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Arizona State Office
Release Date: 06/03/14
Contacts: Amy Krause, (202) 912-7236    

The Bureau of Land Management Presents the 2014 "Making a Difference" National Volunteer Awards

The Bureau of Land Management today presented its prestigious “Making a Difference” National Volunteer Awards for outstanding volunteer service or volunteer leadership in 2013 on BLM-managed lands.  The award was presented to recipients at a recognition event held via live video conference hosted at the BLM’s headquarters in Washington, D.C. and connected to seven states around the country.

The annual “Making a Difference” Award recognizes exceptional volunteers who have contributed thousands of hours improving the public lands. Their work ranges from trail repairs, providing environmental education and visitor services to monitoring and habitat restoration.   

The volunteers selected for this year’s awards were:
  • Stan Shaw (Outstanding Achievement), Yuma Field Office, Arizona;
  • Mark Kreider (Outstanding Youth), Anchorage District Office, Alaska;
  • Jupiter Environmental Research and Field Studies Academy (Outstanding Youth), Jupiter Inlet Outstanding Natural Area, Florida;
  • Dr. Jack Hailman (Outstanding Achievement), Jupiter Inlet Outstanding Natural Area, Florida;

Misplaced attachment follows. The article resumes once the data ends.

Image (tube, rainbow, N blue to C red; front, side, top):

• Verna Pratt (Lifetime Achievement), Campbell Creek Science Center, Alaska;
  • Mark Hesse (Lifetime Achievement—posthumous), Monticello Field Office, Utah;
  • Floyd and Opal Jensen (Lifetime Achievement), Salem District Office, Oregon; and
  • Friends of Pompeys Pillar (Lifetime Achievement), Pompeys Pillar National Monument, Montana.
  • Rob Sweeten, Utah State Office, is the winning BLM employee.

BLM Arizona State Director Ray Suazo said: “We are honored in Arizona to have Stan Shaw working as a volunteer in the Long-Term Visitors Area in Quartzsite. He provides a great service to the public with his innovations and hard work.”

A national panel of BLM specialists and partner representatives selected the award winners from dozens of nominees submitted by BLM state offices. The winners were selected for their exceptional contributions to the conservation and management of public lands.

 “We are fortunate to have wonderful volunteers in the BLM. Without question, our public lands and the people that use them are better off because of volunteer service,” Suazo said.

In Fiscal Year 2013, more than 30,000 volunteers served over 1.15 million hours to the BLM, the equivalent of 641 work years. That represents $26 million worth of service donated to the Bureau, a 22:1 return on investment.

The BLM manages more than 245 million acres of public land, the most of any Federal agency. This land, known as the National System of Public Lands, is primarily located in 12 Western states, including Alaska. The BLM also administers 700 million acres of sub-surface mineral estate throughout the nation. The BLM's mission is to sustain the health, diversity, and productivity of America’s public lands for the use and enjoyment of present and future generations. In Fiscal Year 2015, the BLM generated $4.1 billion in receipts from activities occurring on public lands.

Last updated: 06-03-2014